It happened today - March 29, 2016

Well, March 29 is a big day for Canada. Or at least it should be, because it was on that date, in 1867, that Queen Victoria gave royal assent to the British North America Act under whose terms the Dominion of Canada came into existence on July 1 of that year. Many people are not happy with it.

I don’t refer here to various widespread forms of dissatisfaction with Canada generally, or even the splendid and euphonious title “Dominion of Canada”, quietly abolished in 1982 by the boringly named “Canada Act” and by a tiny group of MPs who renamed Dominion Day Canada on July 9 1982 despite not even having a quorum. But I digress.

A lot of people feel that having nationhood conferred by a solemn and formal act of the British Parliament is undignified and that we were not “all grown up” as a nation because we were granted liberties already more than 600 years old by a Parliament also more than 600 years old. We would only achieve “maturity” when we chucked all that rubbish and started winging it with things nobody had tried that we hadn’t thought through.

To be sure, looking back, the latter conduct sounds surprisingly like the typical behavior of teenagers rather than adults. And it worked out about as well. Including the fundamental mechanism by which the 1982 Constitution Act became law.

The BNA Act was actually an inspired piece of work in two related ways. First, it was the first ever Parliamentary federation in the world, reflecting a genuinely statesmanlike insight that you could protect the rights of a regional minority, specifically Quebecers, in a parliamentary as well as a congressional system. Second, because it was an act of the British rather than the Canadian legislature, it preserved the essential legal sovereignty of Parliament as it existed in Britain without enabling the Canadian federal Parliament to override those guarantees even with a popular mandate.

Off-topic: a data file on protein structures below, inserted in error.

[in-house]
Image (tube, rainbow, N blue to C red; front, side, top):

Without that twofold inspiration, Quebec would never have joined Confederation and there would have been no Dominion of Canada. And it worked in a key informal way, in that the British Parliament would in fact never refuse to amend the BNA Act provided the request came from duly elected Canadian authorities and did not violate the founding federal compact. All of which is good.

The mechanism used in 1982 is different, far more peculiar, and far harder to justify. Indeed, it is so far from enjoying popular legitimacy based on fundamental clarity and grounding in popular consent that not one Canadian in a thousand even knows how it was done.

The Constitution Act 1982 was recommended to the British Parliament by an Act of the Canadian Parliament, of course. But it is not an Act of the Canadian Parliament. If it were, the Canadian Parliament could amend it.

A version of it was also passed by the British Parliament. But it is not an Act of the British Parliament. If it were, the British Parliament could amend it, at least in principle. So what then is it?

We know perfectly well what the British North America Act was, and why over centuries the system evolved whereby bills adopted by both Houses became law on receiving royal assent. It meant legislators created bills, but through an elaborate formal procedure that prevented slippery and ambitious politicians from pulling a fast one.

If we look hard enough at it, we also realize what the Constitution Act 1982 was, and why the elite cobbled it together behind closed doors through a process that has kept those doors closed to the people ever since. But such a realization does not make us prefer the latter method. (For our documentary exploring these themes and more in detail, and to help us out, please visit

March 29, 1867 was a good day for Canada. And it looks better and better as we contemplate the alternative and live with its consequences.